Friday, May 05, 2017

Preserving Pauline

Pauline Kael, perhaps the best known film critic of the 20th century, is also famous (or infamous) for demonstrating liberal insularity by allegedly saying she was surprised when Nixon won because she didn't know anyone who voted for him.

The actual quote is more about recognizing that she lives in a special world. In fact, that's the first line: "I live in a rather special world.  I only know one person who voted for Nixon.  Where they are I don't know.  They're outside my ken.  But sometimes when I'm in a theater I can feel them." (I know the feeling.  I recognize there were many who voted for Trump, but not where I live.)

She had her politics, and they were liberal, but they weren't that simple.  I've been rereading her criticism--especially the earlier stuff before she joined The New Yorker, when her style was fresh and not yet curdled--and you can see she often attacks the left for its deficiencies.

As much as she was part of the New York intellectual circuit in her glory days, she never forgot she was raised on a chicken farm in northern California, and sometimes defined herself in opposition to the Eastern elite.

Thus her 1964 essay on Paul Newman's Hud starts with some mockery of Europeans who come to America and make fun of our materialism, noting they're looking down on us because, in part, they can't afford the stuffier materialism they enjoyed back in the old country.

But she's just getting warmed up.  By the end, she asks why those to whom she recommended the film don't like it.

My friends, more or less socialist, detest a crude Hud who doesn't believe in government interference because they believe in more, and more drastic, government action [....] However, they are so anti-CIA that at Thanksgiving dinner a respected professor could drunkenly insist that he had positive proof the CIA had engineered the murder of Kennedy with no voice but mine raised in doubt.  They want centralized power when it works for their civil-libertarian aims, but they dread and fear its international policies.  They hate cops but call them at the first hint of a prowler[...]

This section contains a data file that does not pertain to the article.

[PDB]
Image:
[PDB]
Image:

She was attacked for criticizing the leftwing film Salt Of The Earth (1954).  Here's part of her response:

When "the oppressed" see themselves as a chosen people, and they certainly do in Salt, they become as morally and aesthetically offensive as any other righteous band. [...]  I cannot accept the implication that because Communists and fellow travelers have been subjected to some abuse in the United States, they are therefore exempt from analysis of their methods, purposes, and results. Is one not to call a spade a spade, because Senator McCarthy lumps together spades, shovels, and plain garden hoes?

And when some criticized I'm All Right, Jack (1959) for having fun at the expense of British labor unions (even though it also mocks the practices of big business), she wrote

[W]e may assume that the English workers know what their unions are, but the committed critics still regard them as both underdogs and sacred cows. [....] Isn't [one critic's disapproval] a preposterously prissy approach to satire--as if to say that if you really laugh at the social scene, there must be something the matter with you.

It would be a shame if in the future she's remembered as an example of a clueless liberal.  If nothing else, she had a clue.


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